The owners of cars towed away for blocking Wisbech war memorial ahead of the town’s Armistice Day service were fined £150, it has been revealed. 

Police removed the two vehicles parked illegally on The Crescent and Union Place before the November 11 event attended by Steve Barclay, the MP and Health Secretary.  

It has since emerged both vehicles were later collected on the same day.  

JS Holmes, based in Wisbech St Mary, handled the recovery on behalf of the AA which manages the police recovery scheme in Cambridgeshire.  

He said: “On this occasion, both owners had to pay a statutory removal fee of £150 for each of these two cars.”  

Police highlighted the issue on the Policing Fenland Facebook page, warning residents another service would also be taking place two days later on Remembrance Sunday.  

It said: “Due to [the vehicles] causing an obstruction and not parked in a correct parking bay they were recovered under police powers.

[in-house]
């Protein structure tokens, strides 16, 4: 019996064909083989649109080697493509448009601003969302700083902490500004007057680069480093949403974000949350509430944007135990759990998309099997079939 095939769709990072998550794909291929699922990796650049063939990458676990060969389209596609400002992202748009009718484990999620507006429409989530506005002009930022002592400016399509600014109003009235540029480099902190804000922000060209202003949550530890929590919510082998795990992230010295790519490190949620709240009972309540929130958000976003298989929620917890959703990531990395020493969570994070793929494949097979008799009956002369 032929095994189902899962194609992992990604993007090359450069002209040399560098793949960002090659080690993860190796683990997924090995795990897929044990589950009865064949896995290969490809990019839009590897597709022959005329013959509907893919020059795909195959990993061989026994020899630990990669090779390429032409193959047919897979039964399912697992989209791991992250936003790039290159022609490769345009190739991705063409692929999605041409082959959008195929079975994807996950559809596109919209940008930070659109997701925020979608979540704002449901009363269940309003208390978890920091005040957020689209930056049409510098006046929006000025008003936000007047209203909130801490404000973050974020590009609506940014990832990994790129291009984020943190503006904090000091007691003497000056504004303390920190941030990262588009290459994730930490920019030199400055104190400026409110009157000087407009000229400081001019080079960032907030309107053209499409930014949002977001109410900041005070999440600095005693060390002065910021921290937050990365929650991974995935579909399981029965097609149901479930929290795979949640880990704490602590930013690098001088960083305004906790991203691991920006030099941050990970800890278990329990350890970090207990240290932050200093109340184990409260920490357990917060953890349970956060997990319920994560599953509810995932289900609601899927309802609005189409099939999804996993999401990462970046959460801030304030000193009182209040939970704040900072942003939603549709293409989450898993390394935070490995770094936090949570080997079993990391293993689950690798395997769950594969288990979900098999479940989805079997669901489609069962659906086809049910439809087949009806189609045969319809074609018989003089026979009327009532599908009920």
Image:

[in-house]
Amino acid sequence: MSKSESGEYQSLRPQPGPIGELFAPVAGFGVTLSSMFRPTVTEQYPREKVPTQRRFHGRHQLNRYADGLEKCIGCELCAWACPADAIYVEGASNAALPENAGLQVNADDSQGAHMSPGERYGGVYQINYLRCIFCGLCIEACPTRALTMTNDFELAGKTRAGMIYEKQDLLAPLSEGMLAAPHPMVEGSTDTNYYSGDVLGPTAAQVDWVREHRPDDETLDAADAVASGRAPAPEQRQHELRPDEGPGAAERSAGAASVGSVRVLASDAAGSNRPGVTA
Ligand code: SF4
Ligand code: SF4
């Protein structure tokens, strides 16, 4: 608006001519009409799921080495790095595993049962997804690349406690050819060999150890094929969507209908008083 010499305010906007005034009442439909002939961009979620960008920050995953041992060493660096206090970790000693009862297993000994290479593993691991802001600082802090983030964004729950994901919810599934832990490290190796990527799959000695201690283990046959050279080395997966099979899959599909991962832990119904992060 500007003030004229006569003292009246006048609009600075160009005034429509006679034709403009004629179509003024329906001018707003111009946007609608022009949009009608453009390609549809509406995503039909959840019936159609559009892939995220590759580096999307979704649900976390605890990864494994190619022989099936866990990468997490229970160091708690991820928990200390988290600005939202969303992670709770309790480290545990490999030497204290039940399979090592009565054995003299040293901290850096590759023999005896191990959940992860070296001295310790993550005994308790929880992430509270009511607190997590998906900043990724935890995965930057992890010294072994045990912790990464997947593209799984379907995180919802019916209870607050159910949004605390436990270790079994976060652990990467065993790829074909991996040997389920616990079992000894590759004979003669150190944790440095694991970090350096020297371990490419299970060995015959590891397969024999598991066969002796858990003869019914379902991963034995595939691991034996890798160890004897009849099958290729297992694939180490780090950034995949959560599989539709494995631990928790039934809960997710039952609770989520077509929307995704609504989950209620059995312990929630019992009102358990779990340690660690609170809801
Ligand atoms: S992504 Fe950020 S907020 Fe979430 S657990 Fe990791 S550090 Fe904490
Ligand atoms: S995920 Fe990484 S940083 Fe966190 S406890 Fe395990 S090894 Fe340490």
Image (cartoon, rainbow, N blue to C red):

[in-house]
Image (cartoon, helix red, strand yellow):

“Please can we park in the correct bays and not park where we like.” 

Parking in Wisbech town centre is a controversial issue, with many residents commenting on the post urging officers to ‘crack down’ on problem parkers.  

One said: “Just a thought… 

“If you cracked down more often like this, instead of on just one day of the year, maybe you would also reduce more serious crime? 

“It may make people realise they can’t break any law, not just the more serious ones…” 

To which, police responded: “Due to the nature of our work, we cannot always carry out parking enforcement around town, however fixed penalty notices have been issued on a daily basis by officers when we can.”  

Officers were able to use their statutory powers last Friday to remove the two vehicles.  

Fenland District Council is currently going through the processes of taking over parking enforcement, and this should be in place within two years.  

The Cambridgeshire Police website outlines what owners need to do if their vehicle is impounded.  

Often, a notice letter will be sent when the vehicle is ready for collection with details of where it is being kept.  

To get the vehicle back, the owner must show identification and pay any statutory charges.  

It is suggested to also bring a valid V5C log book in their name or new keeper slip, a valid insurance certificate, driving licence and valid MOT certificate.  

The website explains that if someone doesn’t want to reclaim the vehicle, no further action is needed.

“We will dispose of [the vehicle] in 14 days,” the website says.